Shana O’Mara, a Gilbert mompreneur and an Arizona native, knows “The Happiest Place on Earth” like the back of her hand.
Her parents honeymooned in Disneyland, and weekend trips to the Anaheim, California, theme park quickly became a family entertainment staple.
“My family are all born and raised Phoenicians, but I would say 90 percent of our family vacations were to Disneyland,” says O’Mara, 35. “Even when my parents split up when I was around 8, they still came together a few years later as friends to take my brother, my sister and (me) to Disneyland. So it’s always had a really special place in our hearts.”
For O’Mara and her 9-year-old daughter Cara, whose first Disneyland visit was at age 2, the magic of spending time at the resort has morphed into a love of all things Disney.
O’Mara has been a Disneyland annual passholder for the last six years. She can recommend a good vegan-friendly restaurant or direct you to the closest family restroom in a snap. After planning a few magical yet wallet-friendly trips for friends as favors, the Northern Arizona University grad realized she had a niche.
“I had a friend one day ask me, ‘Why the heck aren’t you doing this as a business?’ after I helped her save hundreds on airfare and her hotel for a trip,” O’Mara explains. “A lot of people just don’t know where to look for deals, and we can help them find those, plus really help them to have a great time at the park.”
A former faculty member at Le Cordon Bleu in Scottsdale, O’Mara opened The Pixie Planner travel agency on Jan. 1, 2016. It specializes in Disney vacations, but also books trips to international and U.S. destinations. The fee structure is 10 percent or less of the travel package.
“Our price includes a travel concierge for your entire Disney trip. We’re actually here to guide and to teach our customers how to navigate the world of Disney,” she says. “My favorite question (via text) was, ‘I’m at the castle and I need a bread bowl. Where’s the closest one?’ ”’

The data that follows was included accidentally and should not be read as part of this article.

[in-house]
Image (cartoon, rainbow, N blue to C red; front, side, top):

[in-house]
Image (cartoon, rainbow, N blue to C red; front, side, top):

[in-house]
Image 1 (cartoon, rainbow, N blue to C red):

When it came time to plan her family’s first visit to Disneyland last year, Avondale mom Venetia Horn decided to book through The Pixie Planner.
“My husband is really good at finding deals, so he looked at all the different travel sites like Travelocity and TripAdvisor,” says Horn. “Then I went ahead and had (O’Mara) quote us, and she was able to beat all of those sites by a couple hundred bucks.
“But honestly, I think even if she hadn’t been able to beat them, I still would have gone with her, because she really is a Disney connoisseur,” Horn explains. “I know people can get a good deal here and there, but will it come with help from someone who lives and eats and breathes Disney? I think not.”
O’Mara’s next venture involves securing free vacations for less-advantaged families.
“The Pixie Promise is a non-profit that we’re in the process of launching. It’s still in the works, but our goal is to send working families who don’t have paid time off on completely free vacations,” says O’Mara. “We’ll also be focusing on our military families who get such limited time together and often end up just kind of going broke by spending all of their bonuses on that one trip.”